posted on Mar, 16 2009 @ 11:11 AM
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Originally posted by yeti101
reply to post by WitnessFromAfar
 


10? well you think the same as me. Extremely rare.

Seth shostak reckons theres at least 10,000.
[edit on 15-3-2009 by yeti101]


I think that you and I disagree on what 'rare' means.

Rare to me means not many are out there. It's like a high end retail store like Louis Vuitton. There are only about 10 of them on Earth, and there probably won't ever be any more than that, while 'the Gap' exists in nearly every town. The Gap would be common in that example.

So if there are at least 10 tech civs in our Galaxy alone, and you mutliply that number by the number of Galaxies in the observable universe, well, the answer to me sounds like it fits the word 'common' more than the word 'rare'. When you get to having a certain number of something, that something ceases to be rare. The observable universe is a really big place, I'd suggest you re-check your math when figuring an equation for tech civs.

What we have out there is an observable universe that is likely full of tech civs.

10 in our galaxy was simply my best guess on a low end estimate, or what I consider the absolute minimum that the math will allow for reasonably.

The number could be as high as 1 Billion.

And my problem with Shostak is not that he's a believer in Rare Earth theory (which it's pretty clear he isn't). My problem with Shostak is that even in the face of knowing what's out there, he insists that radio astronomy is the best way to find direct evidence of Alien Intelligence.

And he does this at the expense of other valid research programs, like manned space-flight for example.

Please don't continue to try and misrepresent my argument Yeti, I laid it out quite clearly the first several times.

-WFA



posted on Mar, 16 2009 @ 11:32 AM
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reply to post by WitnessFromAfar
 


lol just becuase the number sounds big in universal terms does not mean "common" you always take into account what your measuiring it against . 300 billion civs in the universe would mean 1 per galaxy. Not common at all.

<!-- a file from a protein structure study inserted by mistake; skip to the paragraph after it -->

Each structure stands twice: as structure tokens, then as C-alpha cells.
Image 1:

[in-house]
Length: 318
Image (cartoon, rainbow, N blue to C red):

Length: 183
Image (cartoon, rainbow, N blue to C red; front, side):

10 civs out of 400 billion stars. That is classed as rare in anyones terms.


And my problem with Shostak is not that he's a believer in Rare Earth theory (which it's pretty clear he isn't). My problem with Shostak is that even in the face of knowing what's out there, he insists that radio astronomy is the best way to find direct evidence of Alien Intelligence.


how far into space do you think $20 million doallars would get you?. What better ways do you have for searching?




Surely, in all the billions and billions of solar systems out there, you don't think a single one has developed complex intelligent life forms, besides dear old Sol?


I've never stated anywhere in this thread that i think we are the only intelligent beings in the universe. I've held the same view for quite a few years. Rare earthers never said we are the only ones in the universe. They put it at 1 civ every 3 galaxies or something. So by your logic their book should be called "Common Earth" LoL i dont think they would agree with you nor would the rest of the astronomical community.

[edit on 16-3-2009 by yeti101]



posted on Mar, 16 2009 @ 05:21 PM
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Originally posted by yeti101
reply to post by WitnessFromAfar
 


you seem to be really confused. I think tech intelligence is extremely rare not unique, Microbial life probably common, complex life less common. And its called the rare earth theory. Not the unique earth theory. They dont think theres only 1 either.